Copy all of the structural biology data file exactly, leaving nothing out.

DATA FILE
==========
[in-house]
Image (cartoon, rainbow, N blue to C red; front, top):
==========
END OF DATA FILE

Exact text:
[in-house]
Image (cartoon, rainbow, N blue to C red; front, top):